In these strange and uncertain times, many of us have found ourselves confronting mortality in ways we never dreamed of. As we hear stories on the news and in real life of COVID-19 patients separated from loved ones during their last days, we are reminded of the importance of making our end-of-life wishes known to our loved ones and health care providers. This recent article by a doctor in a COVID-19 unit makes a very compelling case for discussing end-of-life care now.
In good times, end-of-life situations are often difficult to discuss. We would rather not face dying or having to say goodbye, so our inclination is to put off these conversations. In fact, according to the non-profit The Conversation Project, while 92% of Americans say it is important to discuss their wishes for end-of-life care, only 32% have had such a conversation. As a result, too many people die each year without having their end-of-life wishes expressed and respected.
Engaging in conversations about end-of-life wishes helps to normalize death as a part of life and can bring loved ones closer together. Equally important, having these conversations affords us an opportunity to set intentions for how we want to live our lives. And now, with the coronavirus crisis upon us, it is even more important for us to engage in these difficult conversations. While most of those who contract the coronavirus will recover, it is crucial for us to plan for the possibility that we may not.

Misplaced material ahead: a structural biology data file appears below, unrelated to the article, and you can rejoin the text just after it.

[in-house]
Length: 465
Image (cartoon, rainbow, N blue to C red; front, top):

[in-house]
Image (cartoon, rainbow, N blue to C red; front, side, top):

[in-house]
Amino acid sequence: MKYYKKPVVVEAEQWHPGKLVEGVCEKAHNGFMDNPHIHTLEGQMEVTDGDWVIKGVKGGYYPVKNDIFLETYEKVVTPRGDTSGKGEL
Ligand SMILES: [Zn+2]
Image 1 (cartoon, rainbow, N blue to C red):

Fortunately, there are some wonderful resources online to help us engage in these conversations, make our wishes known, and create an advance directive, a legal document that explains how we would like medical decisions made about us if we cannot make them ourselves. Exploring these resources will not only give us peace of mind but also potentially prevent our loved ones from experiencing conflict and regret surrounding our end-of-life care.
Perhaps a silver lining of this coronavirus crisis will be that it encourages us to take the time to have these meaningful and perhaps overdue conversations. Please don’t hesitate to be in touch if I can be of assistance as you consider, prepare for, or engage in these conversations
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